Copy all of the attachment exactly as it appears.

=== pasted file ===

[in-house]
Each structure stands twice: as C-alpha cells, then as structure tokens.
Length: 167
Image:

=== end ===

[in-house]
Each structure stands twice: as C-alpha cells, then as structure tokens.
Length: 167
Image: